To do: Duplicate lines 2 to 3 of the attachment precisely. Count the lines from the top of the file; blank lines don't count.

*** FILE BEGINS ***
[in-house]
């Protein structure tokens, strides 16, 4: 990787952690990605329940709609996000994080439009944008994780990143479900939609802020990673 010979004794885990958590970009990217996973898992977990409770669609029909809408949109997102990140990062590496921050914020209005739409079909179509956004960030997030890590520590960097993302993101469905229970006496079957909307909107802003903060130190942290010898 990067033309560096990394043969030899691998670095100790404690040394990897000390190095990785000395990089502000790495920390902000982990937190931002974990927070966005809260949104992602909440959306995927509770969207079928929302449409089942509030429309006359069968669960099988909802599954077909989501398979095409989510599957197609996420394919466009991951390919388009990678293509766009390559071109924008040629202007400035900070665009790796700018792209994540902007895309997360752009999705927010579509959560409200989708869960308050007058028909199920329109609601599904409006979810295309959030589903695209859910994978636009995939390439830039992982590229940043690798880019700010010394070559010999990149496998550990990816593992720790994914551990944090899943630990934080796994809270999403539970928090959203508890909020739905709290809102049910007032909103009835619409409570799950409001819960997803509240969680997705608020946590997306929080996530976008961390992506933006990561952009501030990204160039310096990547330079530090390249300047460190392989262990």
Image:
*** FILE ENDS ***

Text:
């Protein structure tokens, strides 16, 4: 990787952690990605329940709609996000994080439009944008994780990143479900939609802020990673 010979004794885990958590970009990217996973898992977990409770669609029909809408949109997102990140990062590496921050914020209005739409079909179509956004960030997030890590520590960097993302993101469905229970006496079957909307909107802003903060130190942290010898 990067033309560096990394043969030899691998670095100790404690040394990897000390190095990785000395990089502000790495920390902000982990937190931002974990927070966005809260949104992602909440959306995927509770969207079928929302449409089942509030429309006359069968669960099988909802599954077909989501398979095409989510599957197609996420394919466009991951390919388009990678293509766009390559071109924008040629202007400035900070665009790796700018792209994540902007895309997360752009999705927010579509959560409200989708869960308050007058028909199920329109609601599904409006979810295309959030589903695209859910994978636009995939390439830039992982590229940043690798880019700010010394070559010999990149496998550990990816593992720790994914551990944090899943630990934080796994809270999403539970928090959203508890909020739905709290809102049910007032909103009835619409409570799950409001819960997803509240969680997705608020946590997306929080996530976008961390992506933006990561952009501030990204160039310096990547330079530090390249300047460190392989262990």
Image: